NC Advertiser: ‘Wild Kingdom’ star offers town open-space land deal


Jim and Betsey Fowler on the land they hope to sell to the New Canaan Land Trust. (Michael Catarevas photo)
Jim and Betsey Fowler on the land they hope to sell to the New Canaan Land Trust. (Michael Catarevas photo)
The Fowler's property, in blue, would link with New Canaan Audubon (yellow) and Land Trust (orange) property.
The Fowler’s property, in blue, would link with New Canaan Audubon (yellow) and Land Trust (orange) property.
A man who by his own estimation has circled the earth 83 times, spending more than five decades learning about, interacting with and revering the planet’s wildlife, as well as its land and water masses, wants now to make a personal and permanent contribution to nature.
And New Canaan stands to be the beneficiary.
Jim Fowler, for 30 years the legendary co-host of the much-loved television program, “Mutual of Omaha’s Wild Kingdom,” has, with wife Betsey and their two now-grown children, been an under-the-radar resident in the town’s Silvermine area. With an empty nest of their own, Jim and Betsey, herself a successful artist specializing in wildlife paintings, moved to Rowayton a year or so ago to be closer to their daughter, Carrie Fowler Stowe, and her family.
“We now want to sell our house in New Canaan,” Mr.  Fowler, 82, said. “Our son, Mark, a documentary producer, thought it would be a great idea to have our property become open space, rather than be developed. So we got hold of New Canaan Land Trust.”
Chris Schipper, president of the Land Trust, which exists to preserve and promote New Canaan open space, was stunned and delighted to hear the news a few months ago.
“I was sitting at my desk one evening, and the Land Trust phone rang, which in itself doesn’t happen too often,” he said. “It was Mark Fowler. I’d learned that the Fowler property was going on the market. When he told me the idea, I was stunned. I view Jim Fowler as a national treasure. There are so many of us who grew up with ‘Wild Kingdom.’ That Jim wants to work with the Land Trust is a wonderful educational and scientific opportunity.”
Jim and Betsey Fowler’s property includes six and a half acres at 763 Silvermine Road. It abuts 41 acres of New Canaan Audubon and Land Trust property in Silvermine, and would provide a natural entry point for people to enjoy nature there. The Fowlers are willing to sell the land below cost, hoping the Land Trust can raise money within six months to a year. The acreage includes a house, which would be taken down and not replaced, woods and a lovely pond.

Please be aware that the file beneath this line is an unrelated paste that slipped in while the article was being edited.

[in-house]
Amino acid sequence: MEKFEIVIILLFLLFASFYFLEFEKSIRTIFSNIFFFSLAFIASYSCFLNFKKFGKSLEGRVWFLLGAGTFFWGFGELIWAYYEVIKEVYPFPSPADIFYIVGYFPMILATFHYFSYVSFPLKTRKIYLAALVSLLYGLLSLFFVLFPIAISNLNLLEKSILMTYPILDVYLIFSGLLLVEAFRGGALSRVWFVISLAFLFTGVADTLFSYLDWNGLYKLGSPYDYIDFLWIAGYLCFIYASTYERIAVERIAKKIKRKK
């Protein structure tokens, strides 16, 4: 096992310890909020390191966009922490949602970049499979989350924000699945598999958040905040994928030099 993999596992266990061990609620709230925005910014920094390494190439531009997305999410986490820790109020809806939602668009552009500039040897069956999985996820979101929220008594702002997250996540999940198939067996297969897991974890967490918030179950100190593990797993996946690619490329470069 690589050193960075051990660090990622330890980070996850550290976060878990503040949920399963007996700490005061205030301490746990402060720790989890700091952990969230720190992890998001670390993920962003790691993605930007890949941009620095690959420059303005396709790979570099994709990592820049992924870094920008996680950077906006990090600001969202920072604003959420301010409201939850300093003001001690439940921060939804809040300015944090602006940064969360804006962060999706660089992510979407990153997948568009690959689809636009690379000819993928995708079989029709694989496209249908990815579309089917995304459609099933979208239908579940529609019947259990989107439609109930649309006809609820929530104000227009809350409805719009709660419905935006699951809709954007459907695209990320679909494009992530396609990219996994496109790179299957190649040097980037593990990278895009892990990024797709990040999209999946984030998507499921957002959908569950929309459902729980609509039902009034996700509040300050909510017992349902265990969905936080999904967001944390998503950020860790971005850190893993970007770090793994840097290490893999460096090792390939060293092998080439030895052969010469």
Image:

The Fowlers, who moved to New Canaan in 1984, are hoping the Land Trust can generate upwards of $1.5 million for the purchase and development of trails, walkways and wildlife habitat. The town-appraised value of the parcel is closer to $2 million.
Both Jim and Betsey have warm memories of raising their children and enjoying nature in and around their Silvermine home.
“I used to romp around those woods all the time,” recalled Mr. Fowler. “It has meadows, woodlands, wetlands and a pond. My passion now is developing wildlife areas all over the world. We live in a society where so much is being developed and paved over. We have to preserve open spaces.”
Betsey, married to Jim for 43 years, often accompanied him abroad as “Wild Kingdom” shows were filmed on every continent and in a great many countries. Her vivid wildlife paintings are dramatic and a wonder to behold. Some canvasses are six feet tall and six feet wide. She too has only fond recollections of her family’s life in New Canaan.
“Our kids went to Saxe Middle School and New Canaan High School,” she said. “We all loved where we lived. The sun set right across the pond every afternoon; it was breathtaking.
“Open land creates family values. To be out here with nature gets you away from all your troubles.”
Schipper said the plan is to bring the idea to the Land Trust at its annual meeting this Thursday, Jan. 22, in hopes of gaining approval, then go about raising money to make it happen. He explained that the town government of New Canaan doesn’t get involved in small land deals.
“For parcels like this it doesn’t have the inclination,” he said. “This is where the Land Trust plays a role. Jim will provide names of foundations that could help, and he’ll be involved with fund-raising events.
“We have exclusive rights to purchase the land from the Fowlers. What they are offering is a terrific opportunity. We want to get kids on the land, and imprint them with the wonders of nature. If we can do that it could ignite a new round of land conservation, which would make it a long-lasting gift.”
Jim Fowler has, of course, globally respected opinions on the state of the planet. Still strong-voiced, powerful, and with the same dazzling smile and natural warmth that made him a television star, he has not slowed down much. He is involved with conservation efforts nationally and internationally, and gives seminars and lectures. He explained that protecting the planet is vital.
“When you destroy natural resources, you’re in big trouble,” he said. “The have-nots see what the haves have, and that causes violence. Saving resources is extremely important.
“One of the things I speak about a lot is land conservation. Many people are concerned with saving this or that animal, which is fine. But how we treat the earth is also a major concern. Bringing it back to the local level, it’s important for New Canaan to stay connected to the natural world. The town should have as many open spaces as possible. It’s a vital part of the community.”